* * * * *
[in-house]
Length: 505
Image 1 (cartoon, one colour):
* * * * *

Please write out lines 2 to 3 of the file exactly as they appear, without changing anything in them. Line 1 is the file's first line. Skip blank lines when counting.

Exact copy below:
Length: 505
Image 1 (cartoon, one colour):